To understand the French, study the revolution.
At the heart of Robert Gildea’s Children of the Revolution: The French, 1799-1914 is a vast project: not just a history of France during those astonishing years – from Napoleon to the killing fields of Verdun – but a history of the French themselves.
There’s a sea of books on the French Revolution and its fallout. There’s another sea of books on French cultural history – its edgy Parisian salons, its sun-drenched villages in Provence. It’s rare to try to fuse both, rarer still to do it well. He does.
(A cautionary note: You will need a simple French history text with a good index, no matter how much you think you know about France. A timeline will also help. Really.)
Gildea, a professor of modern history at the University of Oxford, runs through the big political narrative, albeit in abbreviated form: Revolution; First Republic; Terror; Empire; war, restored monarchy, Revolution, the rerun; Republic, the rerun; Empire, the rerun; Franco-Prussian War, Third Republic; and World War I.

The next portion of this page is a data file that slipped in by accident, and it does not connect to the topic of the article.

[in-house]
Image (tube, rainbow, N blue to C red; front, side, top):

These are the events, punctuated by murderous civil conflict over issues ranging from religion to workers’ rights. But what interests Gildea is how the French – especially five key generations – understood these events and, at length, came to find common ground in the “grande patrie” of the French nation.
“Each generation wrestled with the legacy of the Revolution, marked by it but also contributing to the long process of laying to rest the ghosts of division and destruction and recovering what was constructive and unifying about it,” he writes.
It’s not just the generals and politicians who count in this narrative.